Grosshorn, North Face, Berneroherland. On September 2 and 3 Phillip Fanchon and I climbed the north face of the Grosshorn by a new route. We followed the Welzenbach route through the first rock band and then, instead of traversing left toward the northeast ridge, continued straight up to the prominent col just west of the main summit. This season’s peculiar weather left most of the 3600-foot, 50º to 60º face above the bergschrund hard water ice, in places with a cover of rotten shingles. We approached the col via the first couloir west of the main summit, which contained 60º+ water ice, rotten near the top. The crux of the climb is a 25 foot-high vertical to overhanging “waterfall” which traverses a rock band halfway up the couloir. I took a 65 foot free leader fall on this pitch, which was just above our bivouac spot. I ripped out two pitons (a soft-iron one in rock and a wart-hog in rotten ice) and put a 40º bend in the end of a solidly placed 25cm tube screw. I suffered a sprained ankle, broken ribs, facial lacerations and a bruised psyche. The difficult mixed climbing of the crux led to a broken area. We then had to traverse right into the upper part of the adjacent couloir. From there a pitch and a half of steep ice led to the corniced west ridge. The last four pitches took seven hours to climb, including the fall.

John Shervais

American Alpine Journal, 1981 page 241
'Pass the Pitons' Pete

Big Wall climber
like Ontario, Canada, eh?
May 20, 2013 - 10:10am PT
Holy crap, what a story!

Surely one of the all-time greatest mountaineering epics. Takes you right back to the Glory Days of Mountain Mag.

You guys need to write this one up for a magazine as it really is THAT good.

Thanks for sharing. One wonders how long this route will go before a second ascent? These days the Alps look pretty devoid of snow.
Crazy John

Trad climber
California
May 21, 2013 - 11:44pm PT
As Ferretlegger noted, perhaps the most dangerous part of the whole experience was dodging Swiss train conductors while hiding in the toilet of a Swiss local zug. The Swiss do not look kindly on anyone who breaks the rules, especially on their trains. ESPECIALLY foreigners. No respect for the law!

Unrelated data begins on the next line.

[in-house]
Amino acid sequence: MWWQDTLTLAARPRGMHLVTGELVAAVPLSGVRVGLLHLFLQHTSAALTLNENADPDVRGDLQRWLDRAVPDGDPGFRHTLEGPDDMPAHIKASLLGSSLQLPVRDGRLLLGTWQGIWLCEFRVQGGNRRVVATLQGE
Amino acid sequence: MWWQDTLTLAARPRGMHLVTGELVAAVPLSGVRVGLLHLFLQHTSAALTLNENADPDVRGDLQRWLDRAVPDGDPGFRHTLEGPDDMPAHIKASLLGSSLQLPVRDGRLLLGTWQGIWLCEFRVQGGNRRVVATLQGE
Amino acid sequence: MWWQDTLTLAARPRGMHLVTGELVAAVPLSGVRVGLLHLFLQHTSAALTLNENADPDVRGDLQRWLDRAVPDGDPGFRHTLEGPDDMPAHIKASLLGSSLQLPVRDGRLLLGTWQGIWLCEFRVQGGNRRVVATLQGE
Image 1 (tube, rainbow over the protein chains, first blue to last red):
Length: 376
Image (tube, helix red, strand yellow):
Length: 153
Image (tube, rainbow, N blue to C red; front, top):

One last tribulation: after getting thru the tunnel on the north side of the range (but still a couple valleys west of Kleine Scheidigg), we bivied in a field and used our last dehydrated dinner. Our stove ran out of fuel about half way thru cooking, so we finished cooking it with a plastic cigarette lighter, which started to melt before the meal was done.

The next day went to the bank to get some Swiss Francs for trip home. Not like a bank in America; it took an hour to get them to give me money from my account. Apparently in Switzerland, banks are for putting money in, not taking it out.
Crazy John

Trad climber
California
May 21, 2013 - 11:54pm PT
Further clarification: I was not knocked unconscious during the fall -- totally awake and aware the whole time. And I did not land upside down -- quite upright the whole time. Good thing, cause the seat harness absorbed the impact pretty well. I also had a chest harness - bad idea - that cracked my ribs. But I did bleed like a stuck pig. That's when I knew things were getting serious.

Also -- when the helicopter came, we were not signaling for a rescue. I had just gotten over the overhanging bulge, and there was no way anybody was going to drag us off that climb -- not after I spilled all that blood getting up it. Of course, if I had seen what the next belay looked like, I might have reconsidered.

Death or Glory, becomes, just another story...
bhilden

Trad climber
Mountain View, CA
May 22, 2013 - 12:54am PT
Also as bit of clarification, the bent screw is a Salewa tubular model and not a Chouinard screw. Chouinard might have been selling them as they were, at that time, the best ice protection available. The almond eye Chouinard ice screw was a year or two away.